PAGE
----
Personality disorder is an umbrella term that covers a wide range of psychological problems with subtle differences. These can be grouped together under three clusters for a better understanding.
Paranoid: Suspiciousness and mistrust of others; tendency to see oneself as blameless; on guard for perceived attacks by others
Schizoid: Impaired social relationships; inability and lack of desire to form attachments to others
Schizotypal: Peculiar thought patterns; oddities of perception and speech that interfere with communication and social interaction
Histrionic: Self dramatisation; over concern with attractiveness; irritability and temper outbursts if attention seeking is frustrated
Narcissistic: Grandiosity; preoccupation with receiving attention; self-promotion, lack of empathy
Anti-social: Lack of moral or ethical development; inability to follow approved models of behaviour; deceitfulness; shameless manipulation of others; history of conduct problems as a child
Borderline: Impulsiveness; inappropriate anger, drastic mood shifts; chronic feeling of boredom; attempts at self-mutilation or suicide.
Avoidant: Hypersensitivity to rejection; shyness, insecurity in social interaction and initiating relationships
Dependent: Difficulty in separating in relationships; discomfort at being alone; subordination for needs in order to keep others involved in a relationship; indecisiveness
Obsessive compulsive: Excessive concern with order, rules, and trivial details; perfectionistic; lack of expressiveness and warmth; difficulty in relaxing and having fun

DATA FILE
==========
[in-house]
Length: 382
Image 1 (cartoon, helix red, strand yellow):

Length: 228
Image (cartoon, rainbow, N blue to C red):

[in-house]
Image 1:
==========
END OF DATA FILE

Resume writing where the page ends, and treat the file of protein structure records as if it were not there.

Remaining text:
Who is at risk?
By the time we are adults, most of us have a personality that is attuned to the demands of society. In other words, we readily comply with most societal expectations. We go to school or office; we honour our financial obligations and we develop and try to sustain relationships. We also have a sense of who we are.
In contrast, there are certain people who, although they do not necessarily display obvious symptoms of most of the disorders discussed in this section, nevertheless have certain traits that are so inflexible and maladaptive that they are unable to function effectively or meet the demands of the society. In such cases, we may describe them of having a personality disorder. The general features that characterise most personality disorders are chronic interpersonal difficulties, problems with one’s identity or sense of self, and an inability to function adequately in society.
Let us look at some of these conditions in detail.
Paranoid personality disorder
An excessive distrust and suspiciousness of others to the point of thinking that they are plotting to bring harm to oneself. The trait usually begins by early adulthood and continues unless tackled by therapy. Here are some contexts and if four or more are applicable in an individual, then he/she needs to seek professional help.
- Suspects, without sufficient basis, that others are exploiting, harming, or deceiving him or her
- Is preoccupied with unjustified doubts about the locality or trustworthiness of friends or associates
- Is reluctant to confide in others because of unwarranted fear that the information will be used against him or her
- Reads hidden motive or meaning into harmless remarks or events
- Persistently bears grudges and is not ready to forgive insults, injuries, or slights
- Perceives attacks on his or her character or reputation that are not apparent to others and is quick to react angrily
- Has recurrent suspicions without justification regarding fidelity of spouse or sexual partner